From Becca, a Wisconsin Lutheran College nursing student:
On Thursday, everyone left the Lutheran Seminary in Lusaka by 6:30 a.m. to depart for a rural clinic in Mwembezhi. Our two-hour bus ride was short compared to the drive last weekend to Livingstone. The last leg of our journey consisted of traveling on a dirt road and villagers stopping and waving at the bus full of “mzungus” (white people).
When we arrived at the clinic, there were more than 50 people gathered outside underneath mango trees waiting to be seen and receiving health education from the community health workers. It was “under five” day at the clinic, so the majority of the patients were women and their children under five years old.
Julia, Sarah, Courtney, and I provided health education to the patients on fire safety. Since women in the rural areas of Africa typically cook meals over a fire, they and their children are at risk for respiratory issues and burns. During our presentation, we had the privilege of working with an interactive interpreter who translated our presentation into Tonga, the local language. At the end, we demonstrated “stop, drop, and roll” – what to do if they were on fire. Everyone watching was surprised that nursing students from America were rolling around in the dirt!
The patients were responsive to our teaching, asked questions, and even thanked us for showing them how to stop, drop, and roll – a new concept for them. Overall, I think our health education in our two days at Mwembezhi – covering the topics of water sanitation, fire safety, oral hygiene, and HIV/AIDS – left an impact on the community.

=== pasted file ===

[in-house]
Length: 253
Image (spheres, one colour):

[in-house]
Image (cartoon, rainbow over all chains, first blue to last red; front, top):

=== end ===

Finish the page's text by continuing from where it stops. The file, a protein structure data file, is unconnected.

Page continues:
After the clinic day was over, we loaded up on our bus to head for our lodging in Kamamba, a village about 3 km or 1.8 miles from the clinic. Our driver, Fasty, couldn’t get the bus to start. Whoa-oh. We all piled out and decided that our best shot was a push start. I personally don’t think you can bond any better with your fellow nursing students than sweating and pushing a bus on a dirt road in Zambia.
Unfortunately, our muscles did not start our bus. It turned out that it needed its battery changed. So we threw on our backpacks and pillows and began our 3 km walk to Kamamba. I loved our walk! We passed fields of cotton and maize (corn) and had the amazing opportunity to watch an African sunset out in the bush. Groups of children began following the trail of white people. We were pretty popular by the time we reached Kamamba, safe and sound!